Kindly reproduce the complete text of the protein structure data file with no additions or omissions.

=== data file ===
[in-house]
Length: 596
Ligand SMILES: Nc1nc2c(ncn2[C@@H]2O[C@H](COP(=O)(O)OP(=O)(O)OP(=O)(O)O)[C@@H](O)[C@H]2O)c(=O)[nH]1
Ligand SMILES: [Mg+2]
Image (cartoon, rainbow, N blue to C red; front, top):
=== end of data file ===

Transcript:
[in-house]
Length: 596
Ligand SMILES: Nc1nc2c(ncn2[C@@H]2O[C@H](COP(=O)(O)OP(=O)(O)OP(=O)(O)O)[C@@H](O)[C@H]2O)c(=O)[nH]1
Ligand SMILES: [Mg+2]
Image (cartoon, rainbow, N blue to C red; front, top):